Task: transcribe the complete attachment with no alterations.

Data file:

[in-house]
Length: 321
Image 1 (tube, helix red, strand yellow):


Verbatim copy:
[in-house]
Length: 321
Image 1 (tube, helix red, strand yellow):